AP Headline Chosen For Political Effect?
Actually, no. The information in the story doesn't match the headline.
Gen. Peter Schoomaker, the Army chief of staff, cautioned against reading too much into the planning, which is done far in advance to prepare the right mix of combat units for expected deployments. He noted that it is easier to scale back later if conditions allow, than to ramp up if they don't.General Shoomaker has directly contradicted the headline.
"This is not a prediction that things are going poorly or better," Schoomaker told reporters. "It's just that I have to have enough ammo in the magazine that I can continue to shoot as long as they want us to shoot."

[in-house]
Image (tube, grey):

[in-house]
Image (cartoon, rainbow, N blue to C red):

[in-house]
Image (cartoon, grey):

Certainly, the AP is aware that large numbers of people scan headlines without reading the accompanying story. The dishonest headline would seem to be designed to deliver a quick, and incorrect, take on the story. Coincidentally, just a few weeks before the 2006 midterm elections.
And a Google search for the headline shows that more than 300 stories have been printed with it across the country, all giving the false impression that the Army is saying current troop levels will be maintained until 2010.
Even if someone at the Associated Press decides to correct the headline those 300+ stories will still be out there, spreading disinformation.